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5 Ways to Combat Sitting Stiffness and Pain

Experiencing back/buttock pain or stiffness whilst sitting?

Or are you getting pain when you change from sitting to standing?

Have you wondered what it is and why you’re getting it?

Someone recently mentioned that considering the amount of people that complain of lower back pain whilst sitting, there must be something wrong with the design of our spine or body. However, the truth is that it has more to do with user error than design.

We abuse our bodies and contort them into awkward positions for hours on a chair, in a car, or even on a bike. We stay in one position and when something starts to ache, we think there is damage or something is wrong. Instead, this ache is because there is something right with the body and back. It is sending out warning signals that it is time for a change of position. If your foot goes tingly or numb from sitting on it, you will move it and get the blood flowing again. The reason you moved is because it sent you a warning signal of discomfort. Why is it that when our backs do the same, we ignore them and just continue with the task at hand?

Eventually the pain gets severe and we can no longer ignore it. Now the pain follows us into other activities and we continue to wonder why. Once again, it isn’t the design, this is all due to user error. The design is telling us to move but we override it and just stay put. Override it for too long and it eventually shuts you down with real pain.

So what can we do to avoid this total shut down? Start by becoming aware of the warning signals and then heed them. Get up and move.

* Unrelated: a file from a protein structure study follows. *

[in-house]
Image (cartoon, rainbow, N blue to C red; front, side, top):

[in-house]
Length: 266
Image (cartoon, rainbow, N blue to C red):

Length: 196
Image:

But what exactly must I do? Some say just move, do anything other than the activity you’ve just been doing for the last hour and do that for a full minute. But I’m going to give you a bit more constructive feedback on what might help you. We’ll look at structures affected by adopting seated postures for extended periods and how to counter it.

How extended sitting affects the body:

  • The hip flexors get tight because the we keep the hips bent.
  • The hamstrings get tight because we keep the knees bent.
  • The buttock muscles are in a stretched position so they become weak.
  • If you cross your legs, you weaken the outer buttock muscles and tighten the inner muscles.
  • These tight and weak muscles can put pressure on the hip joint.
  • A bent back puts pressure on discs and nerves, tightens lower tummy muscles and weakens lower back muscles.
  • A straight back puts pressure on the spinal bones, tightens lower back muscles and stretches the abdominal muscles.

All of the above only occurs with EXTENDED periods of sitting. I’m not saying that you are sitting incorrectly, I’m saying that you are sitting in one position TOO LONG.

Let’s Combat this….


sitting pain walk

It would be ideal to work your way to walking for 20 minutes 3 times per day. Don’t start there, work your way up and go according to your comfort levels. Swinging the arms and walking with purpose, not shuffling and looking at the toes.